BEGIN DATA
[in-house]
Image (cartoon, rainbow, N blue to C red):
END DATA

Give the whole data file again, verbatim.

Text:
[in-house]
Image (cartoon, rainbow, N blue to C red):